Blue-Eyed Butcher (Lifetime) Advance Review

blue eyed killer sara paxton

Blue-Eyed Butcher premieres tonight, March 3rd at 8pm on Lifetime. Blue-Eyed Butcher is based on the true life murder scandal of Susan Wright who brutally took her husband’s life one night. Prior to that, the couple was described as a Leave It to Beaver type couple, with two small boys. As her trial progressed, accusations began to immerge of domestic violence committed by Susan’s husband, Jeff Wright. While Susan’s attorney seized upon those allegations as a defense, the prosecution used another tactic, something not typically seen in the courtroom.

Blue-Eyed Butcher stars Sara Paxton (Last House On the Left, Superhero Movie) as Emily Wright, Justin Bruening (All My Children, Knight Rider) as Jeff Wright, and Lisa Edelstein (House) as the prosecutor, Kelly Siegler. Honestly, the movie could have used more Lisa Edelstein. She portrayed a tough as nails and extremely determined prosecutor quite well.

As for Blue-Eyed Butcher, I wish that the movie would have managed to reach the level of intrigue, fascination and drama that comes with a shocking small town murder. Unforunately, it never does. A large part of the problem with Blue-Eyed Butcher is the storytelling technique that starts with intermingled trial scenes and flashbacks, but then later switches to purely Susan flashbacks that change the tone. Yet, there is not another side to the movie. In fact, there is absolutely no Jeff Wright side. He is shown as loving, he is shown as a monster, and he is shown as a victim, but all through Susan’s eyes. The movie wastes the acting chops of Michael Gross who plays Jeff’s father, but only has about three lines in the movie. Similarly, the viewer does not hear from his mother, friends, or even siblings. Heck, I don’t even know if he has siblings. I know nothing about him.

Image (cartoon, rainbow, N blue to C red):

It is hard to tell a two-sided story when one side is gone. However, there are other ways to piece things together, even for effect. Blue-Eyed Butcher does not bother. The movie seems intent in showing off the beauty of Sara Paxton which assumedly implies that she either was acting in self defense or was just plain nuts. How else could something so pretty do something so evil? Unfortunately, that is not enough to carry the movie. Even the high drama in the courtroom is lost in the playback/flashback montages.

Blue-Eyed Butcher premieres tonight on Lifetime at 8 pm ET. While I will not recommend it as a must see movie, it is pleasant to look at.